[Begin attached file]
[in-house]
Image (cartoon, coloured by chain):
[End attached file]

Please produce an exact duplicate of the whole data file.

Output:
[in-house]
Image (cartoon, coloured by chain):